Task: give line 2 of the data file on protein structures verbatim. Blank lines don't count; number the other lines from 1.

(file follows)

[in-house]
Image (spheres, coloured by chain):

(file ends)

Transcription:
Image (spheres, coloured by chain):